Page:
than b==c; he also simplified it by setting *a to the same value as *c.
    As a result, it doesn't make any difference whether a==c, thereby
    missing the whole point of Diego's code.
    --
    James Kuyper
     
    James Kuyper, Mar 13, 2013
    #14
  15. Noob Guest

    James Kuyper wrote:

    > As a result, it doesn't make any difference whether a==c,
    > thereby missing the whole point of Diego's code.


    I most certainly DID NOT "miss the whole point of Diego's code"
    as you so undiplomatically put it.

    I was just trying to illustrate the effect of the restrict
    keyword, using as simple an example as possible. Obviously,
    I over-simplified.
     
    Noob, Mar 13, 2013
    #15
  16. James Kuyper Guest

    On 03/13/2013 10:21 AM, Noob wrote:
    > James Kuyper wrote:
    >
    >> As a result, it doesn't make any difference whether a==c,
    >> thereby missing the whole point of Diego's code.

    >
    > I most certainly DID NOT "miss the whole point of Diego's code"
    > as you so undiplomatically put it.
    >
    > I was just trying to illustrate the effect of the restrict
    > keyword, using as simple an example as possible. Obviously,
    > I over-simplified.


    Illustrating the effect of the restrict keyword requires writing code
    where it makes a difference whether or not 'restrict' is present. What I
    so undiplomatically pointed out was the fact that you over-simplified
    the code because you missed the importance of one feature of the
    original code that was necessary in order to make 'restrict' relevant.

    If you can suggest a more diplomatic way I could have used to describe
    the problem, I'm willing to learn. However, it seems to me that any
    annoyance I caused you was inherent in what I was saying; nothing I
    could do to sugar-coat my description of the problem would change that.
     
    James Kuyper, Mar 13, 2013
    #16
  17. Noob Guest

    James Kuyper wrote:
    > On 03/13/2013 10:21 AM, Noob wrote:
    >> James Kuyper wrote:
    >>
    >>> As a result, it doesn't make any difference whether a==c,
    >>> thereby missing the whole point of Diego's code.

    >>
    >> I most certainly DID NOT "miss the whole point of Diego's code"
    >> as you so undiplomatically put it.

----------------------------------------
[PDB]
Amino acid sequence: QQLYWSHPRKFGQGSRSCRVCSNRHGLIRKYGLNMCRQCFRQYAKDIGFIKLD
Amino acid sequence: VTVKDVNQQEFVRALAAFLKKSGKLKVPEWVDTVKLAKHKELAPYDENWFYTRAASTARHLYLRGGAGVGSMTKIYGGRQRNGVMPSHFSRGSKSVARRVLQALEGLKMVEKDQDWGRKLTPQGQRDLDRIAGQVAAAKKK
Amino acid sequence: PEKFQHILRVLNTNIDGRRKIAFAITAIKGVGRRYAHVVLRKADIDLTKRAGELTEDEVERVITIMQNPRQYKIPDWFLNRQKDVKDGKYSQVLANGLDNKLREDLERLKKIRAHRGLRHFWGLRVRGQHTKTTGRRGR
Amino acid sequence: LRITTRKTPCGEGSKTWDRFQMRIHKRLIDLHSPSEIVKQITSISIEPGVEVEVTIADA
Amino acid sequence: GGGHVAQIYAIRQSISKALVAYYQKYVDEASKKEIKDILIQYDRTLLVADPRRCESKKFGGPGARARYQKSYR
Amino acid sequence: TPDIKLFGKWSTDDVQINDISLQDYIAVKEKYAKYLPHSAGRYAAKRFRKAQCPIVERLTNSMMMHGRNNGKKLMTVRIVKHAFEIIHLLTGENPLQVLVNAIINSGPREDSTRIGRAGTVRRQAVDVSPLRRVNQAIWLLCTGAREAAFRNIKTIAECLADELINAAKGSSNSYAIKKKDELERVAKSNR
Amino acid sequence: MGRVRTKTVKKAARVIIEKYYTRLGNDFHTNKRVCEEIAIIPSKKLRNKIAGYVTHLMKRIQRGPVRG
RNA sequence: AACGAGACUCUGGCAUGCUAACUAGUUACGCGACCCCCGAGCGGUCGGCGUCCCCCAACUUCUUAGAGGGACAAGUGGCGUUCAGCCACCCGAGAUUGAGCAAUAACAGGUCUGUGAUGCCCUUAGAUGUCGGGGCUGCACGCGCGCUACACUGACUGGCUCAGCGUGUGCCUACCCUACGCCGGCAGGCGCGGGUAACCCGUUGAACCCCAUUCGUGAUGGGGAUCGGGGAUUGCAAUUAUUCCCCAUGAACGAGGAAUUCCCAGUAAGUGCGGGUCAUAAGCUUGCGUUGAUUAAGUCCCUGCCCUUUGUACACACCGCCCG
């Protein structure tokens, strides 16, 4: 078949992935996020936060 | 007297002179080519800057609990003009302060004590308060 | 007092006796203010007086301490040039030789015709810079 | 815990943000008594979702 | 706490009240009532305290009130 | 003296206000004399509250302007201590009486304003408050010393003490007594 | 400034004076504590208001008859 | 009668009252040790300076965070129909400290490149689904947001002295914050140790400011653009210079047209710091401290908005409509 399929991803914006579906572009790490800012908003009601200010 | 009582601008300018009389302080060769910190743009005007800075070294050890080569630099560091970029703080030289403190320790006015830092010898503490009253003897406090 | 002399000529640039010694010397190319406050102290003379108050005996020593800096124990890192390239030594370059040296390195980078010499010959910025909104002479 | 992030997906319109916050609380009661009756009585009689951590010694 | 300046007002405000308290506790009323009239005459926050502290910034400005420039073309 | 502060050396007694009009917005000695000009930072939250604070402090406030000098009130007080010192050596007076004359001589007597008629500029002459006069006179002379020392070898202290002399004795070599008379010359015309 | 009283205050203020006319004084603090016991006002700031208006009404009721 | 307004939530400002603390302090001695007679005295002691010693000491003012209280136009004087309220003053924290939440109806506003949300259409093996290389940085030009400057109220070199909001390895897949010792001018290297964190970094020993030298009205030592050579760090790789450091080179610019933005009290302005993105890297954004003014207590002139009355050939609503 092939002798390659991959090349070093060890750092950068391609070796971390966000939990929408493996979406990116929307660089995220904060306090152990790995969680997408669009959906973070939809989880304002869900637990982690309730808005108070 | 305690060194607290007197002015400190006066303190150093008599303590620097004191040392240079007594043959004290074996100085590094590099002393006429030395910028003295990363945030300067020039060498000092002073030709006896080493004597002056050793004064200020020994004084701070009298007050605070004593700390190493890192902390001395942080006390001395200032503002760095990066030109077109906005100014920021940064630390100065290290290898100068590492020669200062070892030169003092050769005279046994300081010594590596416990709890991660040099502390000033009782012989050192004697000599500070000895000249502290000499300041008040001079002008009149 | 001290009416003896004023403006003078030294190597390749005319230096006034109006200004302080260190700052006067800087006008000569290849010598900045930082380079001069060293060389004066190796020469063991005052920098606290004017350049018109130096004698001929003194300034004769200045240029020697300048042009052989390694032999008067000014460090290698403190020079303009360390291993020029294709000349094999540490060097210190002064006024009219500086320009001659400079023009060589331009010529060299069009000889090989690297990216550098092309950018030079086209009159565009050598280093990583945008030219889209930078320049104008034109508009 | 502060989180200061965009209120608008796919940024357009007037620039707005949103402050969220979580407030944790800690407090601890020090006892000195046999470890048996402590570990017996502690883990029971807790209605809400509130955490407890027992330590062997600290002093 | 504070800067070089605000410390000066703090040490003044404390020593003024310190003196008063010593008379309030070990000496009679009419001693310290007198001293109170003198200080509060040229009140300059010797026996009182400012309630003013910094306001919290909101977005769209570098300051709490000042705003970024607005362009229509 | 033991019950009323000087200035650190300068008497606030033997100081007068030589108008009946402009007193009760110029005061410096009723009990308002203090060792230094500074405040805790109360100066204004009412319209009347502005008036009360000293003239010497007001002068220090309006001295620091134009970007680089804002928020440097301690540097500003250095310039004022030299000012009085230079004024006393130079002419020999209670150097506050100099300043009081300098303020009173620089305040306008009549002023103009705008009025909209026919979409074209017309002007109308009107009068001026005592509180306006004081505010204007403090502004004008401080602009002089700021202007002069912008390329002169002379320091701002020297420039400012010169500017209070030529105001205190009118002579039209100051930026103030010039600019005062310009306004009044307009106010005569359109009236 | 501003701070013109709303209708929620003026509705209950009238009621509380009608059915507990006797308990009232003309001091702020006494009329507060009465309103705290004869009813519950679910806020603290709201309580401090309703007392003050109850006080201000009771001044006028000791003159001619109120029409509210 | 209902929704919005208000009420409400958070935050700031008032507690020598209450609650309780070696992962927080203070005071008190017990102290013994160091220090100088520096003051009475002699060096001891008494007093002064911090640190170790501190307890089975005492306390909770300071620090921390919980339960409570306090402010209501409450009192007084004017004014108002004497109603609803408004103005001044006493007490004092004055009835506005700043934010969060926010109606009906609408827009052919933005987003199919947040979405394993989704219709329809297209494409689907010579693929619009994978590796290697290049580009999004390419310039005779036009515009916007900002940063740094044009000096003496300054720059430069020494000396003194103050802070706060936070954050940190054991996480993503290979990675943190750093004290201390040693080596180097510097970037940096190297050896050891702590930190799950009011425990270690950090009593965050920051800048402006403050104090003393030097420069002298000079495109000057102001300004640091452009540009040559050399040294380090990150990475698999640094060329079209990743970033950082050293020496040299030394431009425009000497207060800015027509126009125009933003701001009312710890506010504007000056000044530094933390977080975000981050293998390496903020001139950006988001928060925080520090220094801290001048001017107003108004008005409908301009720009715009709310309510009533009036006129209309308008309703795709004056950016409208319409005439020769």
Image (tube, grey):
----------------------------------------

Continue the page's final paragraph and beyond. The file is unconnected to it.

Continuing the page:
>>
    >> I was just trying to illustrate the effect of the restrict
    >> keyword, using as simple an example as possible. Obviously,
    >> I over-simplified.

    >
    > Illustrating the effect of the restrict keyword requires writing code
    > where it makes a difference whether or not 'restrict' is present.


    Please note that the presence/absence of 'restrict' in my
    (admittedly over-simplified) example did make a difference,
    as far as gcc-4.6.3 -O3 was concerned.

    But thanks to you and Christian for pointing out that an
    aggressively optimizing compiler may determine that after
    *a = *c, *a and *c must have the same contents, therefore
    it is not necessary to reload *c.

    In hindsight, I should have commented on

    void fun(int *restrict a, int *restrict b, int *restrict c)
    {
    *a = *c+1;
    *b = *c+1;
    }
     
    Noob, Mar 13, 2013
    #17
  18. Guest

    On Saturday, March 9, 2013 6:11:30 PM UTC-5, wrote:
    > Hello all!
    >
    >
    >
    > I am trying to learn to use the reserved word restrict. However, it seems that it is not working. The code with and without that keyword have the same size and running time, even though I am inducing pointer aliasing.
    >
    >
    >
    > Can somebody please check my minimal example?
    >
    >
    >
    > Thanks and kind regards!
    >
    >
    >
    > Diego
    >
    >
    >


    Probably my example was not the best because, from the discussion I deduce that the compiler was "clever" enough to find the pointer alignment I was inducing in the code.

    Does somebody has any other example with the restrict keyword that could be helpful in order to see the power of that reserved word?

    Thanks,

    Diego
     
    , Mar 13, 2013
    #18
  19. Shao Miller Guest

    On 3/13/2013 14:41, wrote:
    >
    > Probably my example was not the best because, from the discussion I deduce that the compiler was "clever" enough to find the pointer alignment I was inducing in the code.
    >
    > Does somebody has any other example with the restrict keyword that could be helpful in order to see the power of that reserved word?
    >


    Maybe have a read of this:

    http://www.open-std.org/jtc1/sc22/wg14/www/docs/n1520.htm

    With particular attention to the examples.

    --
    - Shao Miller
    --
    "Thank you for the kind words; those are the kind of words I like to hear.

    Cheerily," -- Richard Harter
     
    Shao Miller, Mar 13, 2013
    #19
  20. In article <>,
    christian.bau <> wrote:
    >On Mar 11, 3:23 pm, (Edward A. Falk) wrote:
    >
    >> Since fun() is a global, the compiler can't assume that main() is the only
    >> thing that ever calls it, so I don't think the compiler can make that
    >> particular assumption/optimization.

    >
    >The compiler can make an inlined copy of fun () and optimize that.


    Hmmm; very good point. (I've often wondered what the compiler
    does with an "inline" function that isn't declared static.)

    That brings back to the same conclusion: we need to see the
    generated code.

    Obviously, this is all an exercise in pedantry anyway; knowing
    what one compiler did in one particular case doesn't really
    teach us much about programming in C.

    --
    -Ed Falk,
    http://thespamdiaries.blogspot.com/
     
    Edward A. Falk, Mar 14, 2013
    #20